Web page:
Greenspan leaves door open
Central bank chairman says the economy still faces "significant" risks.
NEW YORK (CNN/Money) - Federal Reserve Chairman Alan Greenspan offered a mixed diagnosis of the health of the U.S. economy Friday, leading analysts to believe central bank policy makers could be poised to cut interest rates again to insure tentative signs of recovery take hold.
Greenspan, in prepared remarks delivered in San Francisco, said recent economic data have gone from "unrelentingly negative" to "mixed," raising hopes that an imminent recovery apparently delayed by the terrorist attacks of Sept. 11 could finally be coming.
"There are sound reasons for concluding that the long-run picture remains bright, and even recent signals about the current course of the economy have turned from unremittingly negative through the late fall of last year to a far more mixed set of signals recently," Greenspan said. "But I would emphasize that we continue to face significant risks in the near term."
Corporate profits and investments are still suffering, he pointed out, and resilient consumer spending is threatened by surging unemployment, lower stock prices and a housing market weakened by rising mortgage rates.
Wall Street, studying Greenspan's remarks for hints about whether or not the Fed will cut rates again after its next policy meeting, scheduled for Jan. 29-30, responded by sending stock prices lower.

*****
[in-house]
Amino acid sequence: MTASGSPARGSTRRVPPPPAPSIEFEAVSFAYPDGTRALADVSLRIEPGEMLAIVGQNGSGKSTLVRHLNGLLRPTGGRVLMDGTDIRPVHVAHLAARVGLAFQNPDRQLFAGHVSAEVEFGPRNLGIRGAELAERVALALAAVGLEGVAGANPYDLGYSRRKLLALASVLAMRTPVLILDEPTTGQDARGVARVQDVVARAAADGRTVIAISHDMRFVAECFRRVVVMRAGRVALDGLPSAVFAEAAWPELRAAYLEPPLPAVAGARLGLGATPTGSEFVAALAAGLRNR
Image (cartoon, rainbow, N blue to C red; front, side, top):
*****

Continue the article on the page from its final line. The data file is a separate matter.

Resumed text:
The Fed cut interest rates 11 times in 2001 to fight a recession that many economists think began in March, and some analysts thought Greenspan's remarks, which echoed recent statements by other Fed officials, hinted there was room for at least one more cut.
"It seems to me that he's keeping the door open for rate cuts," Carey Leahey, senior economist at Deutsche Bank Securities, told Reuters. "It's a little more negative on the economy than I expected."
On the positive side, Greenspan said businesses appear to be lowering the level of their unsold goods. Once inventories are reduced, businesses can begin producing new goods and hiring workers again.
"A slowing in the rate of inventory liquidation will induce a rise in industrial production if demand for those products is stable or is falling only moderately," Greenspan said. "That rise in production will, other things being equal, increase household income and spending."
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But demand must rise in order for such an increase to be long-lasting, Greenspan said. Despite lower energy prices, the outlook for consumer spending, which fuels two-thirds of the economy, is "mixed," Greenspan said.
He also pointed out that this recession was initiated by a slowdown in corporate spending and implied that corporate spending would also be responsible for fueling the recovery.
Business spending has also been hurt by falling stock prices and profits, Greenspan said, but job cuts and technology improvement will boost productivity, boosting profits and spending in the future.
"If the recent more favorable developments continue and gather momentum, uncertainties will diminish, risk premiums will fall, and the pace of capital investment [will] increase," he said.